Qatar Economic Themes & Investment Implications 2016



With the second lowest fiscal breakeven oil price (USD 57.8 per barrel) and the presence of ample fiscal reserves and buffer (172 per cent of GDP), Qatar is expected to withstand the current environment of low oil prices better than its regional peers. According to Marmore’s Qatar Economic Themes report,the country plans to spend USD 200bn on infrastructure as part of its 2030 development plan and this  has lured foreign contractors to what promised to be big profits, but project delays and problems with contracts and bureaucracy have left many in difficulties and their returns uncertain.
A new budget, which includes cut in expenditures in anticipation of the country’s first fiscal shortfall in 15years, was released on 16th December 2015. Expenditures are forecasted at USD 55.6bn next year, which is a 7.28 per cent decline from the last fiscal year, despite the increase in outlays on government salaries, wages and major projects – such as major transportation initiatives and preparations for the 2022 World Cup.
A massive drop in revenues caused by lower oil and gas prices is forecast to leave a deficit of USD 12.8bn in next year’s budget. To cover this financial shortfall, the country plans to borrow money rather than tap into the reserves held by the Qatar Investment Authority (USD 256bn), according to the Finance Ministry.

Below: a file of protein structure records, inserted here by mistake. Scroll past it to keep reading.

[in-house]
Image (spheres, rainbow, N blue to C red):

Qatar Investment Authority (QIA), estimated to be worth USD 256bn in assets as on June 2015, by the Sovereign Wealth Fund Institute (SWFI), had divested at least three stakes in recent months, the last of which was the October sale of USD 2.5bn shares in the UK-based BG Group. While the reasons for these divestments were not disclosed, it is believed to be linked to the state spending on mega-infrastructure works. More asset liquidations are likely to follow from the QIA's reported paper loss of USD 12bn on equity stakes in Glencore, Agricultural Bank of China and Volkswagen, according to the Financial Times.


Qatar is one of the world’s largest consumers of water and electricity per capita and its use is increasing as its population increases. In 2014, the amount of electricity generated in Qatar jumped 11.6 percent to 38,693 gigawatt hours (GWh) . Roughly that is the amount of energy that can power 3.4 million homes for a year. Qatar has taken its 1st step in reforming energy consumption in the country with tariff hikes in Kharamaa.

Qatar has been pushing for the growth of SMEs as part of its Qatar National Vision plan 2030. SMEs have the capacity to provide jobs,  encourage innovation and diversification in an economy, bolstering the private sector and fostering entrepreneurialism.Qatar Development Bank (QDB), guarantees up to 85 percent of commercial loans, limited to QR15 million ($4.1 million), for SME projects, under its Al Dhameen program.

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